This class will cover finite sample theory of statistical inference – including estimation, hypothesis testing, and confidence intervals – and elementary large sample theory. Specific topics (depending on time may or may not be able to cover all but aim to) include: statistical models; sufficiency; applications to exponential families, group families, and nonparametric families; minumum risk unbiased estimation; minimum risk equivariant estimation; Cramer-Rao Inequality; loss and risk functions; Bayes estimation; minimax estimation; admissibility; shrinkage estimators; Neyman-Pearson theory for hypothesis testing; confidence intervals; uniformly most powerful test and uniformly most accurate confidence intervals; asymptotic relative efficiency; maximum likelihood estimation; Wald, score, and likelihood-ratio tests; delta method; asymptotic distribution of quantiles and trimmed means.

Acknowledgement: This course contains materials such as lecture slides, homework and datasets that were developed or adapted from STA210A at UC Berkeley by Michael Jordan and Will Fithian, STA300A at Stanford by Dominik Rothenhaeusler.

STA 250 or STA 611, STA 711, linear algebra, undergraduate level real analysis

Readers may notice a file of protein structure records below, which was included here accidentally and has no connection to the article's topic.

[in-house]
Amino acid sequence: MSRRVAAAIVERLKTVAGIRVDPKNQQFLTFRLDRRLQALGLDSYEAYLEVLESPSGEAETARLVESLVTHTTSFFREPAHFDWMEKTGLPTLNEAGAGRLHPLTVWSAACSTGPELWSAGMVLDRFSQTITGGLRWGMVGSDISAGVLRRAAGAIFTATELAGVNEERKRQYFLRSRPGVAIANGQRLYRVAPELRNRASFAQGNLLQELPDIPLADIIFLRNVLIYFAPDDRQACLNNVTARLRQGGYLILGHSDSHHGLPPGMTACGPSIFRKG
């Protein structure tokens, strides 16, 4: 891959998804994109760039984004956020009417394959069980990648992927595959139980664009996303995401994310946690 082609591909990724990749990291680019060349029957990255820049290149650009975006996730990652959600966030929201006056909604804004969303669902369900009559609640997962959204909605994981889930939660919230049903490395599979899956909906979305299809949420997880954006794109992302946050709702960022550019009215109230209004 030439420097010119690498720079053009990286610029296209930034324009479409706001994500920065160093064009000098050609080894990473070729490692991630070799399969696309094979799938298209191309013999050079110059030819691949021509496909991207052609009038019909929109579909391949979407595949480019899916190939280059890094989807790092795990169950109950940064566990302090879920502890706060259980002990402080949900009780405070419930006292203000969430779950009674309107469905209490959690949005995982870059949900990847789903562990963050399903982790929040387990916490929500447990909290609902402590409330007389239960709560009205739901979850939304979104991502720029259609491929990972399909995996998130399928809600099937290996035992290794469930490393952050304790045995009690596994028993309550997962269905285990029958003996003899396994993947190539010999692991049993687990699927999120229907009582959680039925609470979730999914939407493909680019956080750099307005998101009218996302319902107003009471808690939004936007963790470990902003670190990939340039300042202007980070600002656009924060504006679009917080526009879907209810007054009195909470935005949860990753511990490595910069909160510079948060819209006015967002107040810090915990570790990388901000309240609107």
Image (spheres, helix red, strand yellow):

Location: Old Chem 025

Time: Monday and Wednesday 3:30pm - 4:45pm

Email: yuansi.chen at duke.edu

Office hours: MW 4:45-5:30 or by appointment in 223B

Christine Shen

Email: yueming.shen@duke.edu

Office hours: Tuesday 1:00-2:00, Friday 2:20-3:20 in Old Chem 203B,

Main text:

Keener,

*Theoretical Statistics: Topics for a Core Course*, Springer 2010Lehmann and Casella,

*Theory of Point Estimation*, Springer 1998Lehmann and Romano,

*Testing Statistical Hypotheses*, Springer 2005

Undergraduate review textbook:

Sta711 review textbook:

Other resources:

Statistical Decision Theory and Bayesian Analysis. 2nd Ed. Berger, 1985

Tentative, please refresh for the latest version

Date | Required Reading | Topic | Slides | Other |

Jan. 11 | Chap.1.1, 1.2 of Lehmann and Casella / Chap 3.1 of Keener | Course introduction | lecture01 | review 711 |

Jan. 16 | - | No class | holiday | |

Jan. 18 | Chap. 2 of Keener | Exponential families | lecture02 | hw00 due & hw01 out |

Jan. 23 | Chap. 2 - 3.4 of Keener | Sufficient statistics | lecture03 | |

Jan. 25 | Chap. 3.4 - 3.6 of Keener | Completeness, Basu thm | lecture04 | hw01 due & hw02 out |

Jan. 31 | Chap. 3.6 - 4.1 of Keener | Rao-Blackwell thm, UMVU | lecture05 | |

Feb. 01 | Chap. 4.2, 4.5, 4.6 of Keener | More on bias, Information inequality | lecture06 | hw02 due & hw03 out |

Feb. 06 | Chap. 10.1 of Keener | Equivariance | lecture07 | |

Feb. 08 | Chap. 10.2 of Keener | Equivariance estimation | lecture08 | hw03 due & hw04 out |

Feb. 13 | Chap. 7.1, 7.2 of Keener | Bayesian estimation | lecture09 | |

Feb. 15 | Chap. 4.1 of Lehmann and Casella | Bayes pros and cons | lecture10 | hw04 due & hw05 out |

Feb. 20 | Chap. 15.1, 11.1-2 of Keener | Empirical Bayes and Hierarchical Bayes | lecture11 | sample midterm |

Feb. 22 | Chap. 5.1-2 of Lehmann and Casella | Minimax optimality | lecture12 | hw05 due & hw06 out |

Feb. 27 | Midterm review | |||

Mar. 01 | Midterm | |||

Mar. 06 | Chap. 5.1-2 of Lehmann and Casella | Minimax optimality + Minimax estimators | lecture13 | |